Max’s brothers think he’s boring for staying in with his letter blocks when they’re planning to go out and play. But when they see Max use the letter blocks and imagination to do some impressive world building, they decide to join in the fun, and together they build castles, encounter pirates, and escape dungeons. As she did in Max’s Words, Banks will thrill readers with Max’s knack for wordsmithing; however, this time, it is not with Max’s ability to string words together into captivating stories, but instead to command a tale with letter blocks: “There are no weapons in my kingdom . . . I will turn your SWORD into WORDS.” Kulikov’s depiction of many illustrations out of letter blocks that also spell the word is a creative touch that allows Max to “twist” letter blocks to turn, for example, “battle” into “babble.” While the cleverness of the wordsmithing will only be appreciated by readers who can spell, kids of all ages will recognize letter blocks and enjoy seeing a traditional toy at the center of the story. It’s a praiseworthy detail that when Max’s brothers decide to join him, they follow Max’s lead and play with him, rather than dominating the play as older siblings. Kulikov’s distinct illustration style, influenced by his background in set and costume design, veers from the romanticized portrayals of adventure in much of children’s literature and gives Max’s story a theatrical feel. Characters are placed like actors on stage, and illustrations are laid out on the page as an audience would view a play.
Max's Castle is a really clever book and sure to fascinate any early reader. The book brilliantly explores words by mixing around or swapping the letters in one word to create an amalgamation of similar words and anagrams. Early readers are sure to enjoy, for example, that by simply adding an "l" block to the word "adder," Max and his three brothers smartly create a ladder to escape from the dangerous adder in the dungeon of the castle. Kate Banks and Boris Kulikov have some fun with the illustrations and anagrams surprising us with threatening pirates in one page before turning "pirates" into harmless "rat pies" in the next page. This book is sure to delight readers with its wit and imaginative exploration of letters.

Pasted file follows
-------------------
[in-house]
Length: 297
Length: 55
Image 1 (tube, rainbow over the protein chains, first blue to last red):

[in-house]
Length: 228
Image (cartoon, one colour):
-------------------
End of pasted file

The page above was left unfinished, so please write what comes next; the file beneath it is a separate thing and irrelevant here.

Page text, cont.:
Max's Castle is clever and enjoyable to read. Much of the brilliance will be missed by children, but this is a book that can grow with a child throughout the years as they discover more of the puzzles hidden within the pages.
When I am asked what I do for a job, I am often tempted to say that I don’t work. That’s because I am lucky enough to do something I love for a living. For me my writing has been a place where head meets heart and that is the place I wish to take my readers—whether it be an outer journey or an inner journey. Because that’s the place of realization where anything is possible. When I’m not writing or practicing therapy, I love playing the piano, doing pottery, puttering around outdoors, and cooking. I especially like making birthday cakes, but I hate cleaning up. And I love being with children. I love watching them and listening to them as much as I love writing for them. I am a huge fan of the Boston Red sox, the brain and what it can do, and imagination—all of which have limitless potential and can accomplish the seemingly impossible.
Boris was born in Russia, and graduated from The Institute of Theater, Music and Cinema in St. Petersburg. He emigrated to the United States in 1997 and his career there began as an illustrator for the New York Times Book Review. Boris currently lives in Brooklyn, NY with his wife Yelena Romanova, who is an author and two sons Max and Andre.
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